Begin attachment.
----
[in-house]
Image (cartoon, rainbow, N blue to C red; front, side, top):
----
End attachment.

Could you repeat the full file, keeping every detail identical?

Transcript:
[in-house]
Image (cartoon, rainbow, N blue to C red; front, side, top):